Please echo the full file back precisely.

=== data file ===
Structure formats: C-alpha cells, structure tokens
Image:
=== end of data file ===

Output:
Structure formats: C-alpha cells, structure tokens
Image: